Frechette had originally planned to meet with the Farm Hill PTA and faculty and staff first before updating the board, but the media frenzy and BOE member interest caused the front office to "drop everything and prepare this report for tonight's meeting." Click here to be linked to the report posted on the Superintendent's website (it's called Farm Hill Support Plan).
The plan outlines the additional staff Farm Hill will be receiving as well as the creation of a Climate Committee "to facilitate and establish [an] action plan to address building needs." The plan also outlines specific action steps, identifies who is responsible for those steps, and what student groups those action steps apply to. For example, the immediate response to inappropriate language and physical aggression will be an In School Suspension and it will be implemented by the Building Sub/Student Manager Coordinator.
Dr. Donn Sottolano, Director of the ACES Behavior Services Center (ACES stands for Area Cooperative Educational Services and exists "to improve public education through high quality, cost-effective programs and services"), was also scheduled today to meet with the Farm Hill grade levels for "collaborative conversations with regard to children at risk." One could speculate that this meeting might be one way the school tries to identify why there are "issues" and how they can be properly addressed.
The Farm Hill PTA meeting this evening is a regularly scheduled PTA meeting that just happened to be planned for this week. It was not called specially for the purpose of discussing a new support plan, and PTA officers plan to have a normal meeting with normal business on the agenda. "This meeting has been planned since the beginning of the year, and we usually have about ten people at each meeting, so that's what we would regularly expect, " commented one PTA officer.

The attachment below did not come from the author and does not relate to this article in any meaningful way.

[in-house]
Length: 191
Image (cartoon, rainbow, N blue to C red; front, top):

Superintendent Frechette told the BOE that he plans to meet with Farm Hill's faculty and staff tomorrow. When asked by BOE member Ed McKeon for a "history of this issue without confidential specifics," Frechette answered that he had been working with the Farm Hill principal for almost two years now, through the re-districting process, and more specifically at the beginning of this year as new staff was added. Dr. Frechette went on to add that plan had been finalized even before Christmas, and that the coordination of additional state and other agency involvement had taken time to come together.
Several board members asked if re-districting was a root cause of Farm Hill's immediate issues, and Assistant Superintendent Barbara Senges replied that if the implication was that moving a special needs program to Farm Hill was the problem, then no, it wasn't re-districting that's at fault. "Frankly, the majority of the behavioral problems at Farm Hill aren't kids in the special needs program," Senges explained.